Whether you're new to Arduino and Android development, or you've tinkered a bit with either one, this is the book for you. Android has always been a natural fit with Arduino projects, but now that Google has released the Android Open Accessory Development Kit (the Android ADK), combining Android with Arduino to create custom gadgets has become even easier. Beginning Android ADK with Arduino shows how the ADK works and how it can be used with a variety of Arduino boards to create a variety of fun projects that showcase the abilities of the ADK. Mario Böhmer will walk you through several projects, including making sounds, driving motors, and creating alarm systems, all while explaining how to use the ADK and how standard Arduino boards may differ from Google-branded Arduinos. You aren't tied to specific hardware with this book; use what you have, and this book will show you how.
Author: Simon Monk
Publisher: Maker Media, Inc.
Release Date: 2016-02-04
Genre: Technology & Engineering
Beginning with the basics and moving gradually to greater challenges, this book takes you step-by-step through experiments and projects that show you how to make your Arduino or Raspberry Pi create and control movement, light, and sound. In other words: action! The Arduino is a simple microcontroller with an easy-to-learn programming environment, while the Raspberry Pi is a tiny Linux-based computer. This book clearly explains the differences between the Arduino and Raspberry Pi, when to use them, and to which purposes each are best suited. Using these widely available and inexpensive platforms, you'll learn to control LEDs, motors of various types, solenoids, AC (alternating current) devices, heaters, coolers, displays, and sound. You'll even discover how to monitor and control these devices over the Internet. Working with solderless breadboards, you'll get up and running quickly, learning how to make projects that are as fun as they are informative. In Make: Action, you'll learn to: Build a can crusher using a linear actuator with your Arduino Have an Arduino water your plants Build a personal traffic signal using LEDs Make a random balloon popper with Arduino Cool down your beverages with a thermostatic drink cooler you build yourself Understand and use the PID control algorithm Use Raspberry Pi to create a puppet dance party that moves to your tweets!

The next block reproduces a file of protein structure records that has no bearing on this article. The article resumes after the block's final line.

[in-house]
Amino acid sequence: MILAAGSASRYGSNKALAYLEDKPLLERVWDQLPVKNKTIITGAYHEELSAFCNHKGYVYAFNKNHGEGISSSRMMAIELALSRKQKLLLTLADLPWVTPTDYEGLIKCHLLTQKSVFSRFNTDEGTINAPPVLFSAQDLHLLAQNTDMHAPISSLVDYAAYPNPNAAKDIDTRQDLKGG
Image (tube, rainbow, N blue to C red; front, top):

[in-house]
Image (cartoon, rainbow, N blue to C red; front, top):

Ready to create rich interactive experiences with your artwork, designs, or prototypes? This is the ideal place to start. With this hands-on guide, you’ll explore several themes in interactive art and design—including 3D graphics, sound, physical interaction, computer vision, and geolocation—and learn the basic programming and electronics concepts you need to implement them. No previous experience is necessary. You’ll get a complete introduction to three free tools created specifically for artists and designers: the Processing programming language, the Arduino microcontroller, and the openFrameworks toolkit. You’ll also find working code samples you can use right away, along with the background and technical information you need to design, program, and build your own projects. Learn cutting-edge techniques for interaction design from leading artists and designers Let users provide input through buttons, dials, and other physical controls Produce graphics and animation, including 3D images with OpenGL Use sounds to interact with users by providing feedback, input, or an element they can control Work with motors, servos, and appliances to provide physical feedback Turn a user’s gestures and movements into meaningful input, using Open CV